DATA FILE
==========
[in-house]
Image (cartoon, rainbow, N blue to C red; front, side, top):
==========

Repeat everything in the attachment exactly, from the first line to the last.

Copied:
[in-house]
Image (cartoon, rainbow, N blue to C red; front, side, top):